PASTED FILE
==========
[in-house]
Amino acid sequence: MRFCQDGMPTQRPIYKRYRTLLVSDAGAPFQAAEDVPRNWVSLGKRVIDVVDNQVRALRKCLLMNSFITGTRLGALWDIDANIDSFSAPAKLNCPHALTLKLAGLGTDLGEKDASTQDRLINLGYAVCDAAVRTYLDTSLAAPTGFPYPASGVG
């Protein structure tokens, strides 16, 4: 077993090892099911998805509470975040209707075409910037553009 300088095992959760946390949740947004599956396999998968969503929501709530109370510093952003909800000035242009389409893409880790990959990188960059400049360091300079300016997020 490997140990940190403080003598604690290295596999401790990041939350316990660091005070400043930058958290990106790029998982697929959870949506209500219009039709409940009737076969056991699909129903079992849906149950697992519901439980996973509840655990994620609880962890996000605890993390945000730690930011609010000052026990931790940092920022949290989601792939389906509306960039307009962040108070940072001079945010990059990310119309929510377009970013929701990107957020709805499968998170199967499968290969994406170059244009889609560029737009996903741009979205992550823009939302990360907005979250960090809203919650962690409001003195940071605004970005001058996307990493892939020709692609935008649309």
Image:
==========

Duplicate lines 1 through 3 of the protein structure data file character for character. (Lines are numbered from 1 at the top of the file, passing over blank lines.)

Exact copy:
[in-house]
Amino acid sequence: MRFCQDGMPTQRPIYKRYRTLLVSDAGAPFQAAEDVPRNWVSLGKRVIDVVDNQVRALRKCLLMNSFITGTRLGALWDIDANIDSFSAPAKLNCPHALTLKLAGLGTDLGEKDASTQDRLINLGYAVCDAAVRTYLDTSLAAPTGFPYPASGVG
């Protein structure tokens, strides 16, 4: 077993090892099911998805509470975040209707075409910037553009 300088095992959760946390949740947004599956396999998968969503929501709530109370510093952003909800000035242009389409893409880790990959990188960059400049360091300079300016997020 490997140990940190403080003598604690290295596999401790990041939350316990660091005070400043930058958290990106790029998982697929959870949506209500219009039709409940009737076969056991699909129903079992849906149950697992519901439980996973509840655990994620609880962890996000605890993390945000730690930011609010000052026990931790940092920022949290989601792939389906509306960039307009962040108070940072001079945010990059990310119309929510377009970013929701990107957020709805499968998170199967499968290969994406170059244009889609560029737009996903741009979205992550823009939302990360907005979250960090809203919650962690409001003195940071605004970005001058996307990493892939020709692609935008649309």